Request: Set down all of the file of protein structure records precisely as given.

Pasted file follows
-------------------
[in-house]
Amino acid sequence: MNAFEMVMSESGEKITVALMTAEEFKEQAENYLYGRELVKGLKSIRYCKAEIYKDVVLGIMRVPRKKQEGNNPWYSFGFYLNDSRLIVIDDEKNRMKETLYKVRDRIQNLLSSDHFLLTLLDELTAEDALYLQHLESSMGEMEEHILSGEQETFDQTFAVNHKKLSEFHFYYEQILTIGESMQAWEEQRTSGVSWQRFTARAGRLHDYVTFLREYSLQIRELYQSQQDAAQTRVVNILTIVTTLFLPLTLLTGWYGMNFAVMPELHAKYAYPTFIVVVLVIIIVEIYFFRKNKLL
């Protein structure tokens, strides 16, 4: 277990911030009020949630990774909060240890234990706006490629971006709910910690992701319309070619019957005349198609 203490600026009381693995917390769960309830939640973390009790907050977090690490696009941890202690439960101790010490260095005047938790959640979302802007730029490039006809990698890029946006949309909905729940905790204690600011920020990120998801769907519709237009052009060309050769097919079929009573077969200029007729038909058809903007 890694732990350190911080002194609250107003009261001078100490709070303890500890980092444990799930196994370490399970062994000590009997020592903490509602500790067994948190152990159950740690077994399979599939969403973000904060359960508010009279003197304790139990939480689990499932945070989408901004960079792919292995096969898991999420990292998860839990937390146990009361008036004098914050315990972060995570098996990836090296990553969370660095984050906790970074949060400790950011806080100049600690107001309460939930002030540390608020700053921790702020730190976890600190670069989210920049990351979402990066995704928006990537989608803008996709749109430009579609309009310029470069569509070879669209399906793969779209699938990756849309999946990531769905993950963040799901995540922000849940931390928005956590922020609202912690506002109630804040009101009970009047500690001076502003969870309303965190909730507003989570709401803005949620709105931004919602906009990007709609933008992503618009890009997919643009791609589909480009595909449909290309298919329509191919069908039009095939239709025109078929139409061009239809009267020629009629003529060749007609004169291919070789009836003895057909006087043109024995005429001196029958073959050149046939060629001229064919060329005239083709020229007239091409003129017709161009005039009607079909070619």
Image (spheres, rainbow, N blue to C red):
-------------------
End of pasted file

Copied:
[in-house]
Amino acid sequence: MNAFEMVMSESGEKITVALMTAEEFKEQAENYLYGRELVKGLKSIRYCKAEIYKDVVLGIMRVPRKKQEGNNPWYSFGFYLNDSRLIVIDDEKNRMKETLYKVRDRIQNLLSSDHFLLTLLDELTAEDALYLQHLESSMGEMEEHILSGEQETFDQTFAVNHKKLSEFHFYYEQILTIGESMQAWEEQRTSGVSWQRFTARAGRLHDYVTFLREYSLQIRELYQSQQDAAQTRVVNILTIVTTLFLPLTLLTGWYGMNFAVMPELHAKYAYPTFIVVVLVIIIVEIYFFRKNKLL
């Protein structure tokens, strides 16, 4: 277990911030009020949630990774909060240890234990706006490629971006709910910690992701319309070619019957005349198609 203490600026009381693995917390769960309830939640973390009790907050977090690490696009941890202690439960101790010490260095005047938790959640979302802007730029490039006809990698890029946006949309909905729940905790204690600011920020990120998801769907519709237009052009060309050769097919079929009573077969200029007729038909058809903007 890694732990350190911080002194609250107003009261001078100490709070303890500890980092444990799930196994370490399970062994000590009997020592903490509602500790067994948190152990159950740690077994399979599939969403973000904060359960508010009279003197304790139990939480689990499932945070989408901004960079792919292995096969898991999420990292998860839990937390146990009361008036004098914050315990972060995570098996990836090296990553969370660095984050906790970074949060400790950011806080100049600690107001309460939930002030540390608020700053921790702020730190976890600190670069989210920049990351979402990066995704928006990537989608803008996709749109430009579609309009310029470069569509070879669209399906793969779209699938990756849309999946990531769905993950963040799901995540922000849940931390928005956590922020609202912690506002109630804040009101009970009047500690001076502003969870309303965190909730507003989570709401803005949620709105931004919602906009990007709609933008992503618009890009997919643009791609589909480009595909449909290309298919329509191919069908039009095939239709025109078929139409061009239809009267020629009629003529060749007609004169291919070789009836003895057909006087043109024995005429001196029958073959050149046939060629001229064919060329005239083709020229007239091409003129017709161009005039009607079909070619």
Image (spheres, rainbow, N blue to C red):